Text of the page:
Maybe my large frame idea is a little unsound. If so then perhaps testing peoples mental and physical strength is even more appropriate. To be honest Im glad the max BMI is going up. It means that people like myself will have the chance to get out there and prove ourselves as good as (and hopefully better than) you skinnier types. As an alternative I wouldnt mind being put on a P company style program which started a while before main recruit training and focused on building fitness in preparation for it. As for larger people not fitting in foxholes i have yet to find somewhere i cant fit if i really want to, I reckon getting shot at is a pretty big incentive to get in a really small space!

Thanks for the encouragement the lack of beer is really starting to get to me!!!
 
#17
My unit is just about to start a Recruit Cadre for all the new lads prior to joining a SABRE SQN. Bloody good idea as well . Covering all the things that are not covered in training ,and no doubt a ''bit'' of phys . I know a few other units have been trying this type of cadre for years.Do they make a difference ? Means we will get half decent lads joining the SQN's with the right attitude (I hope).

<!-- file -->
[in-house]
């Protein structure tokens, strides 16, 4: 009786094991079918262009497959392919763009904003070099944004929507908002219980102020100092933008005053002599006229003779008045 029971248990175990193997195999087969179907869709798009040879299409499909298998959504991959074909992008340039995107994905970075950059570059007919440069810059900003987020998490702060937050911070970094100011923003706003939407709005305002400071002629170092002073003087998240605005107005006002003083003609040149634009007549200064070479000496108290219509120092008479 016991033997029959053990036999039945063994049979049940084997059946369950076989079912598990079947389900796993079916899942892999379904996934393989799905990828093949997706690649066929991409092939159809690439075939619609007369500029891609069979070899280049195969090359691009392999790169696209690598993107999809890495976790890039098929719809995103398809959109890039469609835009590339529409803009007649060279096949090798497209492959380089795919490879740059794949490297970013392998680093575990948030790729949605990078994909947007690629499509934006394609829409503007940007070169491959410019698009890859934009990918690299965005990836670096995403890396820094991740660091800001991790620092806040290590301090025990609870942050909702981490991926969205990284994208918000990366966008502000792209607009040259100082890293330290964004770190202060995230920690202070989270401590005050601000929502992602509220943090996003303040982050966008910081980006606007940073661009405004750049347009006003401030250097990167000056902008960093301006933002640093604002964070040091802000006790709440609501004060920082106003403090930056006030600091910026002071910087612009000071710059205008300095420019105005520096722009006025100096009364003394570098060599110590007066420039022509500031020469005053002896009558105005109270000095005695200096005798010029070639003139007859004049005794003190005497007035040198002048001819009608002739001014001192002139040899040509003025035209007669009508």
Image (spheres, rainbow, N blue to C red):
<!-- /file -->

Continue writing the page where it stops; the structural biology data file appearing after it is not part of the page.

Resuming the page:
#18
I don't think the P coy idea is the way forward... in my humble opinion. By the time you reach P coy, you are already very fit, and it is really the final culmination of everything. If you are' a bit of a lump' , I think shedding the pounds would be the best bet. Watching your diet and keeping off the beer is a very good start, and I'm sure there are people on this forum who would be able to help you better than I.
What I would say, though, is give youself a beer reward as such. Maybe a Saturday or something, when you award yourself 8 GOOD cans of your favourite, for your weeks effort. Keep on working!!
 
#19
paveway_3 said:
My unit is just about to start a Recruit Cadre for all the new lads prior to joining a SABRE SQN. Bloody good idea as well . Covering all the things that are not covered in training ,and no doubt a ''bit'' of phys . I know a few other units have been trying this type of cadre for years.Do they make a difference ? Means we will get half decent lads joining the SQN's with the right attitude (I hope).[/quot

Interesting!! When I was 17,just prior to joining, my father took me on a 'Pre cadre' of sorts, map reading , AFV, weapon recognition, PT,ironing(!), military abbreviations etc.